So my PC has 2 wireless adapters. One crappy internal one and a good external one which I bought because the internal one is so bad. But on system start I now had the problem that the crappy wifi card always wanted to connect which I didn’t want it to do. So I had to go through the trouble of running the following command in my shell:
sudo ifconfig wlan0 down
mostly a few times, since it didn’t seem to pick it up from the beginning. I tried to run this command at system startup using rc.local as described here, but that didn’t work for some reason. But there is a different solution, that worked for me!
Blacklist the kernel module that is responsible for running the wifi adapter. In other words, don’t load the Linux driver for the bad wifi adapter so it won’t work. You can do this the following way:
At first you need to find out which kernel module is responsible for the wireless card you want to deactivate. The following command shows you all currently loaded kernel modules:
I grepped this list for part of the name of the chipset of my wireless card, which is “RTL8185″ so I went with:
sudo lsmod | grep rtl81
There the “rtl8180″ kernel module showed up as being loaded, with no other modules using it. Now we can try to remove this module from the currently loaded modules with
sudo modprobe -r rtl8180
If everything worked, the unwanted wifi card should just have disappeared from your network control panel. It also shouldn’t show up any more when running the “ifconfig” command. If not, you probably removed the wrong module in that case you should rather add that Linux kernel module back in:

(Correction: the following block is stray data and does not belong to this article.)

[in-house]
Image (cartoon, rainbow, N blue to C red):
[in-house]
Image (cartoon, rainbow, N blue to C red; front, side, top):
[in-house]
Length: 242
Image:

sudo modprobe -a removed_module_name
However if it worked and the wireless adapter really disappeared, then we don’t want to remove it every time we boot our system. That should be done automatically! And there indeed is a mechanism for that. There is a blacklist of modules that shouldn’t be loaded on system boot. In order to use this you have to modify /etc/modprobe.d/blacklist (or create it, as I had to) with a text editor and admin rights. So I did:
sudo nano /etc/modprobe.d/blacklist
And modified the file to look like this:
Of course you have to modify my module name with yours. This will blacklist the module/driver automatically on system boot/startup. This worked beautifully for me on my Linux Mint Debian Testing operating system. I hope it works for you as well. Of course this technique is more general and can be used to blacklist any kernel module/driver.